D. Randall Faro
A Matter of Choice
In Gail Bowen’s novel (nineteen in the Kilbourn series), A Killing Spring, Joanne responds to her daughter, Taylor’s, what-if: “Life is full of what-ifs, but if you spend all your time being afraid of them there’s not much time left over for being happy.”
To a large extent, it’s a choice. Happiness. Of course, some psychologists will beat me around the head and shoulders with a damp noodle for such a preposterous notion. Let them beat.
Many propose that emotions “just are.” They uncontrollably arise on their own and simply must be dealt with one way or the other. There is some truth in that, but not the whole truth. Emotions arise from thinking, and thinking can be controlled, changed even. An 18-month old child might crawl toward an interesting looking rattlesnake without a shred of fear. Twenty years later, having learned about poisonous snakes and now using her thinking prowess, fear will move the person to avoid any and all rattlesnakes.
Members of my Lutheran congregation were once encouraged to mingle with street people in downtown Vancouver, B.C.’s ragged East End in order to invite them to a free meal at one of the local United Church of Canada congregations. Many of my congregants were quite nervous about approaching people who might easily be drug users, prostitutes, ex-cons, or whatever else. But they took the step and learned that the huge majority of those encountered were pleasant, non-threatening, and grateful. The next time is was our turn to host the meal, the same folks readily volunteered for street duty. Guess what: their thinking had changed . . . thus, their emotions.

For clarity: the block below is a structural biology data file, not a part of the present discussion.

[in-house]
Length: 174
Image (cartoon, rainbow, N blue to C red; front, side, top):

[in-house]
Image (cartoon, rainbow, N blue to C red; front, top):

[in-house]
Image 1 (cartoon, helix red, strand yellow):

Point number two: reality bests theory 100 to 1. Namely, it happens. Emotional choices can indeed be made. Distasteful circumstances or people can result in anger or compassion. It absolutely can be a choice. In the movie Dead Man Walking a man is on death row for a horrible crime. To most people the murderer (played by Sean Penn) elicits horrendous wrath. But to the Roman Catholic nun (played by Susan Sarandon), he is a lost, beaten-down soul who needs compassion. Of course, the nun in no way excuses the crime, but she chooses empathy and caring instead of kill-the-bastard wrath.
I have stood on 8-inch-wide ledges on the sides of a cliffs looking hundreds of feet straight down. It is a fear-inducing situation, but I have trained myself to replace fear with confidence in my learned abilities and my equipment. (It is also, for me, a thrilling way to experience being alive.) The point: I should be scared spitless in those situations, but I choose not to be.
Back to the what-ifs. They can indeed ruin one’s day . . . or life. What-ifs often digress into worries. Worries can ruin one’s day . . . or life. The old adage remains that 90-plus percent of things one worries about are never realized. Go figure. And I’ve been saying for decades that every minute one is worrying is one minute of life not being enjoyed.
Joy. Happiness. Enthusiasm. Delight. These are choices. As one 14th century b.c. sage said: “Choose life so that you may live.”